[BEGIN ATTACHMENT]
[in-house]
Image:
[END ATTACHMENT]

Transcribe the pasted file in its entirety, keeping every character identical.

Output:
[in-house]
Image: